Increased parochialism is one of the observations made of the broader global impact of the COVID pandemic [1,2].
In Australia, we have not only closed national borders but intermittent interstate closures have made our physical worlds contract even further and concentrated our attention on our local communities and colleagues. As a glimmer of a post-COVID life emerges, we peek outside our Antipodean curtain to explore how others have fared.
We are very aware that while Australia may have experienced comparatively low COVID cases, our colleagues in other countries are still battling the pandemic. Although we have all experienced the challenges brought by COVID, the situation in each country is affected particularly by other factors, and by government policy responses. We read of student hardship in the UK and wonder how this is affecting emerging artists and performers. We wonder how Brexit may impact upon future student, staff and creative arts mobility, teaching and research for our colleagues in Europe and the UK. In the US, we read media reports of drastic budget cuts in higher education and wonder what the change of administration has had on higher education and creative arts.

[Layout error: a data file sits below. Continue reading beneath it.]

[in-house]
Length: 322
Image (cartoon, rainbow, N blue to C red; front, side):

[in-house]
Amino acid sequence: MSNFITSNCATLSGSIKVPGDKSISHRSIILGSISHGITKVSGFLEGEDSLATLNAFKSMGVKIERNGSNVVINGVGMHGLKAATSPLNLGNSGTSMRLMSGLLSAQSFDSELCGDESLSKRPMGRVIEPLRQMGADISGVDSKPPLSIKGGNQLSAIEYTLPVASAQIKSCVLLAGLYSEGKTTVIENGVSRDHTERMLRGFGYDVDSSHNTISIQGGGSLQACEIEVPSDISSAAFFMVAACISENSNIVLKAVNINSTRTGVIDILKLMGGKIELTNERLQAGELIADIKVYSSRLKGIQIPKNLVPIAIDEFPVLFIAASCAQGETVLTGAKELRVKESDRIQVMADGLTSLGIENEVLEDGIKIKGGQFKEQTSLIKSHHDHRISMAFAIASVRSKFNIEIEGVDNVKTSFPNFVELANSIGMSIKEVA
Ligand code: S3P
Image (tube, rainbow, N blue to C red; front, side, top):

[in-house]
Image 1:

In this edition of NiTRO we invited colleagues outside Australia to share their experiences of the impact of 2020:
Nathan Cohen (University of the Arts London) provides two pieces that explore the impact of 2020 COVID restrictions on his home institution and on a multi-partner ERASMUS project
Raymond MacDonald (University of Edinburgh) shares the positive outcomes that have resulted from COVID restrictions on his musical projects
Jane Davidson (Melbourne) captures the experiences of US colleagues Professor Carol Becker, Dean of the Columbia University School of the Arts, and Professor Rob Cutietta, Dean of the Thornton School of Music, University of Southern California (USC)
Lucy Brown (London South Bank University) reflects upon the benefits and challenges that online connection has brought
Ciara Chambers (University College Cork) shares the successes brought about by a shift in student filmmaking due to the pandemic
Abigail Gilmore (University of Manchester) charts how social injustice and inequality has grown even as the importance of creativity and cultural democracy is revealed
Jonathan Vaughan (Guildhall School of Music and Drama) explains how the school overcame the time delay problems presented by Zoom to develop a system for online distance music performance
Antonia Collins (The Bamboo Project) traces her journey that led to the development and delivery of online stage management training programme perfectly suited to lockdown
Simon Standing (University of Plymouth) observes how the “have/ have not” dichotomy revealed by COVID restrictions has affected and will continue to affect the student community.